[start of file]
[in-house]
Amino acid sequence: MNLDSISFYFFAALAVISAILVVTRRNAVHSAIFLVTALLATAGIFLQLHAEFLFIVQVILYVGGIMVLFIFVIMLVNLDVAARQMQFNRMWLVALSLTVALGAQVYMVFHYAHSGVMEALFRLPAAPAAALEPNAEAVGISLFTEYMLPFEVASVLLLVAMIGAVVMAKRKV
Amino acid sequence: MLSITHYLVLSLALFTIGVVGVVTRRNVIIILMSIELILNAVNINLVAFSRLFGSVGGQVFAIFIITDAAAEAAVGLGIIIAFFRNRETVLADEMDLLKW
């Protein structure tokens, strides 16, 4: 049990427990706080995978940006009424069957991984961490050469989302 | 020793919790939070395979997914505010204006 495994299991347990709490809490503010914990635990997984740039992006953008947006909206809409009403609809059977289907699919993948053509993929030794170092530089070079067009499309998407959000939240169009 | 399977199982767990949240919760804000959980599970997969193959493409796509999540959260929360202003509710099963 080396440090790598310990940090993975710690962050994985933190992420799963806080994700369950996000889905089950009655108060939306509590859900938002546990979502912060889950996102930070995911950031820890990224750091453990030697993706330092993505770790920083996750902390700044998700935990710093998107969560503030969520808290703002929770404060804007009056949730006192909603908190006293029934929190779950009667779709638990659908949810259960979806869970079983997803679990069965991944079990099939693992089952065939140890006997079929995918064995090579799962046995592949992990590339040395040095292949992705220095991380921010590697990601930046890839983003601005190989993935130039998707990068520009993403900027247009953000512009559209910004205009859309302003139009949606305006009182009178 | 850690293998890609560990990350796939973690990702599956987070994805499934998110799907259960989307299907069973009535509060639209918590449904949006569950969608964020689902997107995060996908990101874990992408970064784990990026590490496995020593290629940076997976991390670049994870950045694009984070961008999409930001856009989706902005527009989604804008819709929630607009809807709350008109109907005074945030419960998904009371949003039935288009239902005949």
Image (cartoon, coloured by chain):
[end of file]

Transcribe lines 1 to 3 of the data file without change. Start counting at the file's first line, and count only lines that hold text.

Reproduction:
[in-house]
Amino acid sequence: MNLDSISFYFFAALAVISAILVVTRRNAVHSAIFLVTALLATAGIFLQLHAEFLFIVQVILYVGGIMVLFIFVIMLVNLDVAARQMQFNRMWLVALSLTVALGAQVYMVFHYAHSGVMEALFRLPAAPAAALEPNAEAVGISLFTEYMLPFEVASVLLLVAMIGAVVMAKRKV
Amino acid sequence: MLSITHYLVLSLALFTIGVVGVVTRRNVIIILMSIELILNAVNINLVAFSRLFGSVGGQVFAIFIITDAAAEAAVGLGIIIAFFRNRETVLADEMDLLKW